Tuesday, January 19, 2010

Creative Inspiration From Our Parents

by my Mom Sandra Lansdowne

A recent repeat client named Steve sent me a wonderful link to a site that he built to celebrate the artwork of his Dad, who was a professional artist all his life.  I'll be sharing that link and also that client's project a little later this week.  When I saw the lovely artwork that Steve's Pop created I fantasized about what it might have been like to have a working artist raising me, and how cool that must have been.  Then I paused to celebrate the talents of my own Mom and think about the creative people in my early life. My Mom liked to paint, however she never had much time for it since she was raising 2 kids and holding down a full time job. The work above is some of the earliest that I recall her painting and I was very young in the 1960's when she did these.  Her sister approached painting more full time and she had to have been the first working artist I ever knew. My Aunt was an oil painter and she did a lot of landscapes and production style work of bluebonnets that would sell like crazy at local art fairs. I remember thinking in my early 20's that my Aunt was so talented and yet her subject matter was just not my cup of tea. I guess in my young art school brain I was viewing something as normal as the Texas landscape as passe'. If you are not already snotty about art going into college they unfortunately do give you excellent training on developing that attitude while you are there. It was not until very recently that I realized the huge impact seeing someone getting paid to make art must have had on me as a young child.  I did realize it before my Aunt's passing and was able to thank her for being such a major influence in my career path. I was very lucky to have two very talented women in my young life and I probably would not be who I am without both of them.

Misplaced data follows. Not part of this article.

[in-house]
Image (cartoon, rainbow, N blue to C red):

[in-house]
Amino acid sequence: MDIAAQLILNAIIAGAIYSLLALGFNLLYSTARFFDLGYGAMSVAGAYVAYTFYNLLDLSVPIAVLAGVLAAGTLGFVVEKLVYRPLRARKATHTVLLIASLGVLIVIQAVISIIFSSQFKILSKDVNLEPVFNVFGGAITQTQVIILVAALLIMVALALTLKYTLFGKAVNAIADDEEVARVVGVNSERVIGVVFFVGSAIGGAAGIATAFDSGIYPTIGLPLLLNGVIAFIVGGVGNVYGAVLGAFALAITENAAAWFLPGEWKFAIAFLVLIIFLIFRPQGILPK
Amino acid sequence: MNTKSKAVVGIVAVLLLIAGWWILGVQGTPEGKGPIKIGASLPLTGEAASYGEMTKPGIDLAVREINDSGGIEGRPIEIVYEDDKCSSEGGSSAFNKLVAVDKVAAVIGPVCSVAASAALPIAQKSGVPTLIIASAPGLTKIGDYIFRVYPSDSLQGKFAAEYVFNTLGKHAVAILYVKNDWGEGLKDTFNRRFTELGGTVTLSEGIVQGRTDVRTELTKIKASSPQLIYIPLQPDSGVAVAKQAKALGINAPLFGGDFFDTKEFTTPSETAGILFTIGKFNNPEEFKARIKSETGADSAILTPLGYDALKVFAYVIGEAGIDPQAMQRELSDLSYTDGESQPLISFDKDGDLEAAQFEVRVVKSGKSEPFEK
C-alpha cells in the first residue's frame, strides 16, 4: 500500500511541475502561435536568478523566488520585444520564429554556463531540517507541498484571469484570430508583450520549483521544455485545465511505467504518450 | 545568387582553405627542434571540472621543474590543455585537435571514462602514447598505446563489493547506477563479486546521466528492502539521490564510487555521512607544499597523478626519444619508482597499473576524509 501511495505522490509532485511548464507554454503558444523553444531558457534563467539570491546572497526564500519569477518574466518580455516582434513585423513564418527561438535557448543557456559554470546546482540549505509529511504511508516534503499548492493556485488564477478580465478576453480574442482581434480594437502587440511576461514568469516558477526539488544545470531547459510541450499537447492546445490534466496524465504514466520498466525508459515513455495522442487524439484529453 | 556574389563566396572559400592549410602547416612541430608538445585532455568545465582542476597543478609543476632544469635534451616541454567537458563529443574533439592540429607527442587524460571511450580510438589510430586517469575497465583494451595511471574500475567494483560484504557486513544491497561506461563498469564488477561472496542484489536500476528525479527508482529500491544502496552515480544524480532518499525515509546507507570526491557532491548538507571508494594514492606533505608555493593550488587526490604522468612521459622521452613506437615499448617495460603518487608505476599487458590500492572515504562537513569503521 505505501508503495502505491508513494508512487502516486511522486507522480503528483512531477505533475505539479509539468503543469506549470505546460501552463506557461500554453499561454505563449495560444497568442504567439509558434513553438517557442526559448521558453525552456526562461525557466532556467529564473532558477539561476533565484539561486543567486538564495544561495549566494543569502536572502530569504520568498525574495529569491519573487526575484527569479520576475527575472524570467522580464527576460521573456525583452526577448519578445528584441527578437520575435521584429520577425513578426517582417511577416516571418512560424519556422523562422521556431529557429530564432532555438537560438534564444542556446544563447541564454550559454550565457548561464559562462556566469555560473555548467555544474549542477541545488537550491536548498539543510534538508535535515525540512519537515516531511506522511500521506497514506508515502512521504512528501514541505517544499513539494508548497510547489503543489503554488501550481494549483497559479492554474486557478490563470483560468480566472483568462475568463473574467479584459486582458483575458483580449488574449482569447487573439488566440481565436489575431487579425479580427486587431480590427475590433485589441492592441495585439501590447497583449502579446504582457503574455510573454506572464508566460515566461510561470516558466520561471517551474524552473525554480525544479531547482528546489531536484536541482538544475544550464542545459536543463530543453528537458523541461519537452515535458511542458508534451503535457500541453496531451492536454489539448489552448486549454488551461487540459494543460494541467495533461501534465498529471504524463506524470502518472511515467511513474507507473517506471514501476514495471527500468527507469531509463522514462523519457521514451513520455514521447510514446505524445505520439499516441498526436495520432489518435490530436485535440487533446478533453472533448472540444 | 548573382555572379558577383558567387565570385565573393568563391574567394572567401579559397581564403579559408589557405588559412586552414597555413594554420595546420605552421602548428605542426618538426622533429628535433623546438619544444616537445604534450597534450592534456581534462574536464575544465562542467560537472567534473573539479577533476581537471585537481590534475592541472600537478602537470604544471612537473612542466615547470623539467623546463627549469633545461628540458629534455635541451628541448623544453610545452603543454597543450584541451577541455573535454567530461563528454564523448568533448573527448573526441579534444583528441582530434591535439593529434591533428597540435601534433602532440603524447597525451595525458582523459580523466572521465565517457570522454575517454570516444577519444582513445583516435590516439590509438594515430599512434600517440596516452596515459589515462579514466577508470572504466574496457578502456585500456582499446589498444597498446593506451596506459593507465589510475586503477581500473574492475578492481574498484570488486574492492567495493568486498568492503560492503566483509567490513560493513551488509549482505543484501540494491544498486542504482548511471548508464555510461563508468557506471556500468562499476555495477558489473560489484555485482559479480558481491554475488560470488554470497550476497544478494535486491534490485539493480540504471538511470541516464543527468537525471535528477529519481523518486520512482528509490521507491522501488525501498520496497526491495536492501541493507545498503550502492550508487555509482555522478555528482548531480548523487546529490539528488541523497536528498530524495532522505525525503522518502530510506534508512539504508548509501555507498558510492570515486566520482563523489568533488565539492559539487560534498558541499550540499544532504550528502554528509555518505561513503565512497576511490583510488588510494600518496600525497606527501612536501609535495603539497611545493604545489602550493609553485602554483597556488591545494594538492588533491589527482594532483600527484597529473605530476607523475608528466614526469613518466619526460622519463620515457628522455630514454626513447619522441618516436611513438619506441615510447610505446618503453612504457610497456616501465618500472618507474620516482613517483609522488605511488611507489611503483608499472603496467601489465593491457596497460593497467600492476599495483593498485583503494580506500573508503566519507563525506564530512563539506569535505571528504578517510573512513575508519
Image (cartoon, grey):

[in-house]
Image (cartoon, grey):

If you are an artist or an art collector reading this please leave us a comment and tell us who influenced you as a young child. Who is the first person you knew that sold artwork for a living?  At the very least pause today to think about them and acknowledge them in your mind and heart. Also consider the important role you may be playing to introduce art to the young people in your life.


cbmosaics said...

My first impression of art was of my grandfather who was a painter. I hardly knew him, but that is one of two things that I do remember of him (his art and his pipe, LOL). My mom also was/is an artist and doing art with her is one of my childhood highlights. As for the first person I met who sold art for a living, well, guess that would be me! LOL Thanks for bringing up this subject. It is fun to think about the children who are being influenced by us, too, and encouraged and supported in their creativity. Our enthusiasm for our art alone is highly influential. :-)

Rebecca Collins said...

Thanks so much for sharing Christine. You are so right about how a passion for art can rub off on those around us.

Anonymous said...

I couldn't agree with you more, indeed art mastery runs in the blood, as of now I am doing digital portraits